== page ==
Monday, May 14, 2012

Build A Boat Part Two

OK.  After our wood was stretched and bent we could really get started.  We sliced our plywood to the width that we wanted, 40 inches and then it was time to attach our framework.

We glued, screwed, and clamped the one by twos onto the plywood bottom, trying to maintain that curve in it the entire time. Then we had to wait a day or so for the glue to dry. And we quickly discovered that waiting sucks.  And we also discovered that when you are building boats made of wood, you will do a lot of waiting for glue to dry.

Surely there must be something for us to do in the meantime?  And there was.  We cut two pieces of 3/8 inch plywood, glued, screwed, and clamped them together.  This was going to be our transom and we left it a couple inches oversize all the way around.  It is always better to discover that you have too much material and only need to trim off a little bit in order to make it fit rather than find out that your piece is too small and you must somehow find a way to make it bigger.  It is often impossible to make it bigger.

We also screwed and glued a 2 x  2 across the rear so that we would have something to screw that ransom onto when the time comes.

After both one by twos were installed, we piled a few two by sixes under the front to lift it up then put more weight on to the plywood to keep it bent.

Then we clamped a couple of two by fours all the way across the table, one of them on top of the plywood and the other one beneath the table in order to pull the middle part of the plywood down at the same time the front of it was being pushed up.  This increased the pressure greatly.

Here is one of the sideboards.  We glued and screwed a one by two along the top of it to stiffen it up and it will also serve as a rub rail on the outside of the boat.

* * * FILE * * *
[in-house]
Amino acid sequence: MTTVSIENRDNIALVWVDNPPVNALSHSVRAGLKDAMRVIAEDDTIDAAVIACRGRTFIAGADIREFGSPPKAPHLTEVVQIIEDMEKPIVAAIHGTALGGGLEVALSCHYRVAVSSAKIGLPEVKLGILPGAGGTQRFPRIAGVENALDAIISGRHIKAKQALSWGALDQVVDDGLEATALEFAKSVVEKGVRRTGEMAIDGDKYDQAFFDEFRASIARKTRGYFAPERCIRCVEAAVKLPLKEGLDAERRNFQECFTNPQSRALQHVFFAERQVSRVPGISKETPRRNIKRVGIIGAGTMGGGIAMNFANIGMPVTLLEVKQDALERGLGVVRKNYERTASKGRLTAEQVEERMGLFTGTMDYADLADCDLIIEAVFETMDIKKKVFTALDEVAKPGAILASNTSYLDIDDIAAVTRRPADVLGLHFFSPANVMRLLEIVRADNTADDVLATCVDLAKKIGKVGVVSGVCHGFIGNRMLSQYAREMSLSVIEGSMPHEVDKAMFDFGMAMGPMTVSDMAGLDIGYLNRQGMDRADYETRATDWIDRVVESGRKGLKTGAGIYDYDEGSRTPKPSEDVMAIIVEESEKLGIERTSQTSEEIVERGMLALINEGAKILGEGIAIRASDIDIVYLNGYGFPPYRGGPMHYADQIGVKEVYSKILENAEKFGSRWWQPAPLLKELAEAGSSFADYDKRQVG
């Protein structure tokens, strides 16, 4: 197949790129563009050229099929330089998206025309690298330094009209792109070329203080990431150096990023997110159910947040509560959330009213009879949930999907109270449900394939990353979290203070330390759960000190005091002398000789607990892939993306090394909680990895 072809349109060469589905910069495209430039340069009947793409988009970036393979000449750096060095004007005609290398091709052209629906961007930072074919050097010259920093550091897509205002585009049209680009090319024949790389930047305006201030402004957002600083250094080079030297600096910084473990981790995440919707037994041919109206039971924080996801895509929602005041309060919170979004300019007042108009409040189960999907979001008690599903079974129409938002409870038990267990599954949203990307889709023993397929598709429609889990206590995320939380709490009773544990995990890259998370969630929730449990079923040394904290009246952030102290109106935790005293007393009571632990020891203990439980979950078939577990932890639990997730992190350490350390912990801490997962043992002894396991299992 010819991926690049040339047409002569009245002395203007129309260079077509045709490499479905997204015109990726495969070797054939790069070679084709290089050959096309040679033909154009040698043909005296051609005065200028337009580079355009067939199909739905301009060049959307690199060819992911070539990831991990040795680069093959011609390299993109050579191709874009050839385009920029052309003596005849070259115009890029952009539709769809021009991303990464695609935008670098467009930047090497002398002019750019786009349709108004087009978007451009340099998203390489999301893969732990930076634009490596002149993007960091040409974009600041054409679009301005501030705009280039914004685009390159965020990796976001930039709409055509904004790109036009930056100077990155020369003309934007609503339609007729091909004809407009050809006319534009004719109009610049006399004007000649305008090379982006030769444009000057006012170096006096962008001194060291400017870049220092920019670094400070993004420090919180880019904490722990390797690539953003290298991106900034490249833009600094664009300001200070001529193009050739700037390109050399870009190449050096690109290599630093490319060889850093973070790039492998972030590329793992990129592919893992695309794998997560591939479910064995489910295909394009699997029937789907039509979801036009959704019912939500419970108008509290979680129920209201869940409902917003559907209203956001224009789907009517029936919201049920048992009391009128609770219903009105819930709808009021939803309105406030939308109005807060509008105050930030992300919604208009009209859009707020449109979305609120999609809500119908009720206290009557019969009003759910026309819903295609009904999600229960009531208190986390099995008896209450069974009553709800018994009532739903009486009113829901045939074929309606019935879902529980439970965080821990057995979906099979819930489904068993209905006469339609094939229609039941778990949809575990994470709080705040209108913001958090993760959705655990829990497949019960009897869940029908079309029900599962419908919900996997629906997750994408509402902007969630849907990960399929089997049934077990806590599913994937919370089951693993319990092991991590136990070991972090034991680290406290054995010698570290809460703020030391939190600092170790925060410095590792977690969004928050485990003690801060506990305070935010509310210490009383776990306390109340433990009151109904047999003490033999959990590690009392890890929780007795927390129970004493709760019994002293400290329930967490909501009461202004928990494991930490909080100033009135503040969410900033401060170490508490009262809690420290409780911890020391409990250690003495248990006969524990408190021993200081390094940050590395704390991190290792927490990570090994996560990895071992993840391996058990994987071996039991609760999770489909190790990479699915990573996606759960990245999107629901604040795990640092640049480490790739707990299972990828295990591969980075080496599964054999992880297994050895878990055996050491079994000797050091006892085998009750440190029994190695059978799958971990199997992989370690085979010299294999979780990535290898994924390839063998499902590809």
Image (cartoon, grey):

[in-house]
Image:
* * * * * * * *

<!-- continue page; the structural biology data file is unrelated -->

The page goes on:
Since my nephew doesn't live real close and he only came over about one day a week to work on it, progress was slow.  This was going to be a multi week process.  And after a couple of weeks went by a double tragedy struck.

The first one was that he lost interest.  This was bad enough in itself but then the second one hit.  It was now just a few days before Christmastime.  My mother desired to decorate the room.  What's even worse, she desired to decorate it without being hampered by the presence of a boat.  And also without the presence of a partially completed boat.  That just goes to show you how unreasonable women can be.  We were going to have to move our project.

No problemo. We temporarily screwed a two by two across the front and fastened a piece of paracord on each side front and rear.  In the middle of each piece of paracord was a 2 by 2 twisted into the strands, as the paracord stretched and let the wood relax, we merely had to give the two by two another twist or two to remove the slack and tighten it back up.  Paracord is nylon and it does stretch, so this would need to be done periodically in order to preserve the curve that we had put into the wood.  Then we simply carried it out into the shop and left it until after New Year's.

Here is another view of it.

Stay tuned for part three.

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